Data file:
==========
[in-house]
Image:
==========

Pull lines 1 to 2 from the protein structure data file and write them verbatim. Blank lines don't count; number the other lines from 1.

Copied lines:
[in-house]
Image: